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  • 11/09/2017

    The U.S. Department of Energy’s Ames Laboratory has discovered and described the existence of a unique disordered electron spin state in a metal that may provide a unique pathway to finding and studying frustrated magnets.

    Condensed matter physicists use the term “frustrated” to describe a kind of magnet in which the spins fail to align into stable magnetic order. In perfectly frustrated magnets called spin liquids, the disordered magnetism of these materials persists even at very low temperatures, and their unique properties are of interest in the development of quantum computing

  • 10/31/2017

    Contacts:                                                                                                                                   For release: Oct. 31, 2017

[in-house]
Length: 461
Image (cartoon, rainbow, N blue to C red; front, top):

• 10/23/2017

    The U.S. Department of Energy’s Ames Laboratory has discovered extreme “bounce,” or super-elastic shape-memory properties in a material that could be applied for use as an actuator in the harshest of conditions, such as outer space, and might be the first in a whole new class of shape memory materials.

  • 10/12/2017

    ​The U.S. Department of Energy’s Ames Laboratory has received $392,000 in funding to commercialize a gas atomization nozzle design used to produce metal powders for manufacturing. In addition, the Laboratory will contribute in-kind matching funds of equal value for the project from private sector partner Ampal, Inc., a part of the United States Metal Powders group of companies.

  • 10/03/2017

    To take full advantage of biomass, lignin needs to be processed into usable components along with the plant cellulose.  Currently, that process requires an acid plus high heat, or pyrolysis -- treating with high heat in the absence of oxygen. Besides being energy-consuming processing methods, the results are less than optimal. Ames Laboratory scientists are working to develop a method to deconstruct lignin in a way that is economically feasible and into stable, readily useful components. 

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